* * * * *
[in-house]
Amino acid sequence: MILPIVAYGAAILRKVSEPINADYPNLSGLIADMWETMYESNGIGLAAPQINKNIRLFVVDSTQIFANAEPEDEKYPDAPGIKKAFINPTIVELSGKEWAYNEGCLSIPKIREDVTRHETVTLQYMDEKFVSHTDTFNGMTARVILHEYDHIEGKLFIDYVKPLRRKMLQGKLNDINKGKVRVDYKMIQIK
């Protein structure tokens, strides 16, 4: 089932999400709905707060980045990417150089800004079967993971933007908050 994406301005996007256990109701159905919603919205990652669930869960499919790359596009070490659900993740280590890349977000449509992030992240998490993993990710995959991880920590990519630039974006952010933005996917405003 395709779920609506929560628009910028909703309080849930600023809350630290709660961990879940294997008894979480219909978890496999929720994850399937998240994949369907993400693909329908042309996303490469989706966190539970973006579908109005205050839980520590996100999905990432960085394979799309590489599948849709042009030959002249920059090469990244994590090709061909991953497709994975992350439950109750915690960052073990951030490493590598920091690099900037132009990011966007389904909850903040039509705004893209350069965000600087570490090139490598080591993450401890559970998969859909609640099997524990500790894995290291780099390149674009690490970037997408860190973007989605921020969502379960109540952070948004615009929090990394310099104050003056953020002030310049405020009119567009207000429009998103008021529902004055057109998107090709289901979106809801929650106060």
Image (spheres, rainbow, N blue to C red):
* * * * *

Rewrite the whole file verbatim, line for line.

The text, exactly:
[in-house]
Amino acid sequence: MILPIVAYGAAILRKVSEPINADYPNLSGLIADMWETMYESNGIGLAAPQINKNIRLFVVDSTQIFANAEPEDEKYPDAPGIKKAFINPTIVELSGKEWAYNEGCLSIPKIREDVTRHETVTLQYMDEKFVSHTDTFNGMTARVILHEYDHIEGKLFIDYVKPLRRKMLQGKLNDINKGKVRVDYKMIQIK
């Protein structure tokens, strides 16, 4: 089932999400709905707060980045990417150089800004079967993971933007908050 994406301005996007256990109701159905919603919205990652669930869960499919790359596009070490659900993740280590890349977000449509992030992240998490993993990710995959991880920590990519630039974006952010933005996917405003 395709779920609506929560628009910028909703309080849930600023809350630290709660961990879940294997008894979480219909978890496999929720994850399937998240994949369907993400693909329908042309996303490469989706966190539970973006579908109005205050839980520590996100999905990432960085394979799309590489599948849709042009030959002249920059090469990244994590090709061909991953497709994975992350439950109750915690960052073990951030490493590598920091690099900037132009990011966007389904909850903040039509705004893209350069965000600087570490090139490598080591993450401890559970998969859909609640099997524990500790894995290291780099390149674009690490970037997408860190973007989605921020969502379960109540952070948004615009929090990394310099104050003056953020002030310049405020009119567009207000429009998103008021529902004055057109998107090709289901979106809801929650106060």
Image (spheres, rainbow, N blue to C red):